However, from a practical point of view, I think it's a nightmare! Where before I could check a fluid balance or vital signs at a glance, now I have to log on, find the correct screen, find my patient, find the care plan, highlight the relevant part and finally the info is available. If I want a 24hr total, however, this is a different screen again so I need to come out and find the correct one again.
    To change directions for care it's as time consuming as the above.
    I find I load a lot of data retrospectively as it takes too long and is often impractical to load it immediately after giving care. Another bug-bear is the fact that at certain times of the day, the system seems to be on a go slow and it takes AGES to load on your data.
    We have 2 main PC's at the nurses station and 4 laptops. Each laptop covers a 6 bedded area, so maybe we need more hardware.......I think more nurses would be a better idea!
    Does any area employ staff specifically to load on the data? We suggested this but were told that as you are accountable for your own practice, you had to take responsibility for documenting your care; another idea good in theory, but useless in practice!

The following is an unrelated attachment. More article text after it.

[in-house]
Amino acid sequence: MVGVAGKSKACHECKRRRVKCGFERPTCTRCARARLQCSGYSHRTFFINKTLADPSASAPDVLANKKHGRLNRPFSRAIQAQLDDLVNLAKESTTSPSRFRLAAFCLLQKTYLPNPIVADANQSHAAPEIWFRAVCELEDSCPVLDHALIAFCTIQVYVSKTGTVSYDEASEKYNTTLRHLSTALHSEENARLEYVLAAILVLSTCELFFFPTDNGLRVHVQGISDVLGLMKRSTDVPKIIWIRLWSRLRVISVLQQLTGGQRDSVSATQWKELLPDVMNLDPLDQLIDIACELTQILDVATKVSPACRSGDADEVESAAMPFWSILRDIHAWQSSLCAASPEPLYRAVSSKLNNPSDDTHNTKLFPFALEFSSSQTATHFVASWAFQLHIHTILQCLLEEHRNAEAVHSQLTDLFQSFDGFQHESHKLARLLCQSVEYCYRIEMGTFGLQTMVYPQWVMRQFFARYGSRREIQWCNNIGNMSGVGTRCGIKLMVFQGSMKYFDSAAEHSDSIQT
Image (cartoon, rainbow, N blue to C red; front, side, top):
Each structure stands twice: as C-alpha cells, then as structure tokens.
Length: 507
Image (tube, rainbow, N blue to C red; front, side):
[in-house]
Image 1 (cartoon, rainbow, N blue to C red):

Enjoyed the rant....!
  10. by   oramar
    The previous three post just validated everything I said in my original post on this thread. I would like to add one more thing. It would probably help a lot if managment got input from nursing about new computer systems. It would even be better if they did a trial run on one or two units before purchasing the system. The best system I ever worked with got input from staff during a trial run and then responded to complaints about problems. The worst system was purchased by a high level managment person with no input from the staff. When they tried to tell him there were problems his retort was that, "there were no problem computers only stupid nurses." This was the system that actually drove me away from a hospital about 10 years ago. A job that I had previously liked but the computers were a nightmare. I left after my nurse manager came into a patient room and started screaming at me because a printer was jammed and backed up quite a bit. The patient was going into adult respiratory distress and was really keeping me busy.(Another story from oramar's Why I Hate Managment Annals)
  11. by   NurseRachet
    Interesting, because at our hospital, the nurses believe that the computer is a waste of time and takes them away from patient care. From comparing QA results over the past 3 years, there is a definite improvement in clinical documentation from "paper" to "electronic charting". It is more legible, easier to track, and can readily be viewed when the patient is readmitted. I think a lot of it depends on the type of system that you have. If nurses designed the forms, perhaps they would like it more. Oh well, we keep trying:-)